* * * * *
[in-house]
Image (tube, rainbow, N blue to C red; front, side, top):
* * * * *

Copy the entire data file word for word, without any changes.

[in-house]
Image (tube, rainbow, N blue to C red; front, side, top):